Last week, I covered MFA Financial (NYSE: MFA), a mortgage real estate investment trust (REIT) with a double-digit yield that I determined was unsafe.
Today, I’m looking at another mortgage REIT that, while its yield is lower, is considerably safer.
I wrote about Ladder Capital in October of last year. At the time, the stock received a “B” rating for dividend safety.
I pointed out at the time that its $117.5 million in net interest income (NII) allowed it to easily pay $100 million in dividends in 2017.
While there were no NII estimates going forward, revenue and profits were expected to increase, which gave me confidence that NII was likely going to as well.
NII is a measure of cash flow used by mortgage REITs. It is the difference between how much the companies pay in interest to borrow money and how much interest they earn lending the funds to mortgage holders.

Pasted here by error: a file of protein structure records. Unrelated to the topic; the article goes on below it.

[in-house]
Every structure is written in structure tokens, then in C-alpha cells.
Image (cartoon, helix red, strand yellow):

My confidence was well-placed. Ladder Capital’s NII for 2018 came in at $150.5 million, while it paid out $122.8 million in dividends.
That allowed the company to pay a special dividend of $0.23 in November of last year to go along with the $0.34 per share regular dividend.
That $0.34 per share regular dividend was an increase from $0.325 the previous quarter, and it marked the fifth time in five years Ladder Capital had raised its dividend.
Ladder Capital has paid special dividends three times since it began paying regular dividends in 2015.
There are no estimates for NII in 2019, but unlike last year, this year, revenue and profits are expected to decline. That suggests NII may follow as well.
In the first quarter, the spread between the rates that Ladder borrows and lends shrunk. If the results are lower in 2019, that is likely the culprit.
I expect NII to decline this year, which concerns me a little. But considering the company has a short but solid track record of annual dividend increases and has comfortably covered the dividend in the past, I’m willing to give it the benefit of the doubt.
Ladder Capital reports earnings this afternoon, so it’s possible that management will comment on the affordability of its dividend or reveal that earnings results are drastically different than what was expected.
If that occurs, I’ll update this column.
But barring any surprises, the dividend is fairly safe.
Dividend Safety Rating: B
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